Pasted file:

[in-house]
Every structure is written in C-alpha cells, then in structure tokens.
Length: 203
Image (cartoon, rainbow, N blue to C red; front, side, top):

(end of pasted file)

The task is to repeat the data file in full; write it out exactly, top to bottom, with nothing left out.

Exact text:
[in-house]
Every structure is written in C-alpha cells, then in structure tokens.
Length: 203
Image (cartoon, rainbow, N blue to C red; front, side, top):